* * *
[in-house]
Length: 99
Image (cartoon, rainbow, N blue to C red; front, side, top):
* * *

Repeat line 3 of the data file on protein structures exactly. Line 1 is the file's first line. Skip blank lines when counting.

Image (cartoon, rainbow, N blue to C red; front, side, top):